Jemele Hill would be semi-laudable as the chick who says whatever the hell she wants without worrying about the consequences, if she ever faced consequences. We all admire the guy who tells the boss to take this job and shove it, because that guy gets fired and broke and in desperate straits. The employee who can't be fired, like, say, the owner's kid or the outspoken activist who lives in a protected political bubble, is less laudable for speaking truth to power. They have all the power.
Hill has said any number of racial and socially controversial statements that would get most hosts fired from their relatively superficial TV gigs where they're not supposed to rock the boat. Earlier this summer she told sports fans complaining about ESPN's obviously political shift left to fuck off off because they had no choice but to watch ESPN because they carry all the good games. Which is true, but still hurts. Last month she Tweeted that Trump was a white supremacist and people who supported him were junior Nazis. ESPN forgot to fire her, though they did insist she write a fake apology letter.
In her latest attempt to see if her parents will ever draw boundaries, Hill suggested that people boycott NFL sponsors because Jerry Jones suggested he'd bench Cowboys players who disrespect the national anthem. Hill's conceit being that Jones was violating players First Amendment rights. Which isn't technically or practically true. But you still have the right to be angry at him and no longer purchase Budweiser or Pepsi in protest.
Because ESPN is inexorably financially tied to the NFL, having one of their most publicized TV hosts call for a boycott of NFL advertisers is a little awkward. You try suggesting a boycott of your company's main business ally and see how that goes. ESPN had to finally do something. So they suspended Hill for two weeks. ESPN didn't respond to questions about whether this was a paid suspension or not, so it's paid. Also known as a two-week paid vacation. Now who's your daddy?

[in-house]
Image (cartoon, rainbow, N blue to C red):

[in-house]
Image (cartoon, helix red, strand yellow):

At the point you as a media conglomerate like Disney, and your subsidiaries following your lead like ESPN, decide to go whole-hog on a socio-political bent, you've really boxed yourself into a corner. You can't possibly claim to be making decisions based on business merit, industry standards, or fairness. Because you're not. You're simply the corporate version of Jerry Jones, the indisputable owner, making decisions based on a personal belief system. Completely legal and most often, super annoying.
Give Jemele Hill a Courage Award. You can if you want to. Harvey Weinstein has the right to invite women to his hotel room and tug one out on their pumps if they're willing to play along. You don't see the congruency of those two scenarios, but it still exists.